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Searching Termite Guts to Make Biofuels

14 November 2010 No Comment

By Helen Kaiao Chang

Company: Diversa Corporation

CEO: Edward Shonsey

Director of Alternative Fuels: Kevin Gray

Based: Sorrento Valley

Year Founded: 1994

Number of employees: 200 total, with nearly 100 in the biofuels research division.

Funding: publicly-listed company (NASDAQ: DVSA)

Revenue 2006: estimated $54 million total revenue, comprising less than $1.8 million from biofuels products

Revenue 2008: estimated $125 million total revenue; comprising approximately $40 million from biofuels products

What they do: Isolate enzymes that breakdown organic material and release energy, used in the biofuels, healthcare and other industries. For biofuels, the company’s enzyme products break down starches found in corn, to create ethanol fuel.

Now, the company is going another step further to find enzymes that will break down biomass – such as wheat stalks, wood or city waste – to create ethanol. Diversa’s scientists are exploring the guts of wood-boring insects – including termites, pine beetles, and cotton bores – which are highly efficient at turning wood into energy. In fact, it is not the insects themselves, but the bacteria and protozoa in the insects’ guts which are doing this work, said Gray. The hope is to harness these microbes to produce ethanol at a more efficient level than current technology allows.

Ethanol is an alternative fuel that can be easily combined with petroleum to create hybrid gasolines, which do not need new infrastructure. “What we’re talking about here is liquid transportation fuels,” said Gray. “There’s a lot of infrastructure in place to support those types of fuels.”

Current Products: Diversa has launched five new products this year. The lead product, Valley “Ultra Thin” enzyme, is used to convert corn into ethanol. The market potential for this enzyme is $150 million. The entire US ethanol industry is $11 billion, with more than 100 plants producing 5.5 billion gallons of ethanol in 2006.

Future Products: The company expects to launch new products that use more efficient enzymes — possibly mimicking termite gut microbes – which can convert biomass to ethanol, within the next five years.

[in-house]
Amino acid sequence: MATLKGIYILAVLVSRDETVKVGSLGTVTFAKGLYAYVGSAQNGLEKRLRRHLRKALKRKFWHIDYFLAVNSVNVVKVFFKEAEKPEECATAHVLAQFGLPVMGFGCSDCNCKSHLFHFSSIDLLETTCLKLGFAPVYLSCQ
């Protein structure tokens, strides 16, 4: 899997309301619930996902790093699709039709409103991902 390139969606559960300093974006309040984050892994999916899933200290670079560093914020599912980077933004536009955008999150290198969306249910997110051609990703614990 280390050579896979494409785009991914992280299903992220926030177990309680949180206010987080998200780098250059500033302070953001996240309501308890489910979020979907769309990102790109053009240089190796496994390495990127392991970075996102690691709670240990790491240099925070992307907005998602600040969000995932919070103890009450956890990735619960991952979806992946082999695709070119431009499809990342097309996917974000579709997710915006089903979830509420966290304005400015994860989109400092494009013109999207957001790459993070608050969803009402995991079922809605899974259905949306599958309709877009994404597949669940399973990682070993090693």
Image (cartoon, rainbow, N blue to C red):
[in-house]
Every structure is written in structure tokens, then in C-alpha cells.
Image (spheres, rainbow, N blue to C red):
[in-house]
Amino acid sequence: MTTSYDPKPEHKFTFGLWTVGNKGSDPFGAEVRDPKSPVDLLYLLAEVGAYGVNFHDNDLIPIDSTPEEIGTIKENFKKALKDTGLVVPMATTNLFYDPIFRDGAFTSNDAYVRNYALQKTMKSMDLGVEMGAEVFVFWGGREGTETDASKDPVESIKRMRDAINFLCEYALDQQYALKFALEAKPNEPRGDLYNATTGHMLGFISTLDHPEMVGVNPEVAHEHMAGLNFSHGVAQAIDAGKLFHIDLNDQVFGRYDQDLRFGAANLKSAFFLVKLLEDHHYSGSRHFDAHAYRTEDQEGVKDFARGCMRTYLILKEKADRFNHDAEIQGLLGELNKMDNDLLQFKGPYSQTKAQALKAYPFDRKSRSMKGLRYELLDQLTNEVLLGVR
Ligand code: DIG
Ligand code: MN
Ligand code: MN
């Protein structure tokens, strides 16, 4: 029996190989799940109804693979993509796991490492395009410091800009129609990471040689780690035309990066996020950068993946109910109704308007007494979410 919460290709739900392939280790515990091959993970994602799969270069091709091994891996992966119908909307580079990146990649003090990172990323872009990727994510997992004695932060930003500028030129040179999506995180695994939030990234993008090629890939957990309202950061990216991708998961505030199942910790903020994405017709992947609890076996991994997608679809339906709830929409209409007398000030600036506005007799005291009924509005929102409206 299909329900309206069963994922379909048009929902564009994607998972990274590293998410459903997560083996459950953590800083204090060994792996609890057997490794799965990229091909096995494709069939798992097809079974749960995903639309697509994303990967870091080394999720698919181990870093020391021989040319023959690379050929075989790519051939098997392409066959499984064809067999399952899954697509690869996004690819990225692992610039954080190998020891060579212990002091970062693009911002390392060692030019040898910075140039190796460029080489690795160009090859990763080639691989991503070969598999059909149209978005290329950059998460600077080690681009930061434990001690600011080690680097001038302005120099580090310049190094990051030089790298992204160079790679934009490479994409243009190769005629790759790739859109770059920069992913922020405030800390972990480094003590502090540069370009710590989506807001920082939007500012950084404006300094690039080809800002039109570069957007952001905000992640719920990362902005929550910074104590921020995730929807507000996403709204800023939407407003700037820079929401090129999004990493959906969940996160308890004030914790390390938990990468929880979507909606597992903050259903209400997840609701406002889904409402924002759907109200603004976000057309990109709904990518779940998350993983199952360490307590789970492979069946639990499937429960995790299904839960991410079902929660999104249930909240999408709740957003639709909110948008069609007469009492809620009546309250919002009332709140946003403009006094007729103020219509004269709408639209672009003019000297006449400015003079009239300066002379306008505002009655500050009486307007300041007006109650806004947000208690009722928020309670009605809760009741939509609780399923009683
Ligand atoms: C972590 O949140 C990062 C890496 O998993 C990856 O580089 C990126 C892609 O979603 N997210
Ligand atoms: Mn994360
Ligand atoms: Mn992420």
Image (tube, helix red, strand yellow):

How they got started in biofuels: “We had been working on biofuels for approximately eight years, and it was one of multiple programs that we were developing,” said Shonsey. “We are essentially specialists in harnessing the power of enzymes to create unique solutions and products. At the time, one of the areas that we thought we could effectively address was alternative fuels.”

“One year ago, we did a critical assessment of how we can better concentrate on that unique strength and what we can bring to development,” said Shonsey. “We came to the conclusion that the greatest benefit not only for shareholders and investors and the economic stability of the world was for us to address the biofuels industry. So it was an analytical, yet passionate decision for us.”

Philosophy: “We’re not a pure energy play,” said Shonsey. “The nice part about the alternative energy industry is that it is like a pharmaceuticals play; there are huge opportunities, if you can harness the power of the enzymes that we have in our library through unique technologies which come from biotechnology. And we are confident we can do that.”

Vision: “My vision for the company relates to being the best specialty enzyme company in the world that harnesses the enzymes of the world to come up with unique products and solutions that are also environmentally sound and positive,” said Shonsey.

“Our goal is to bring forward and launch biomass products within five years to complement the biofuels products we have today. We believe we can be profitable no only for our shareholders, but also improve the world we live in at the same time,” said Shonsey. “I’m passionate about it.”

Web: diversa.com

Follow Helen on Twitter @HelenChang

This article is part of a Green Energy series. Related Articles:

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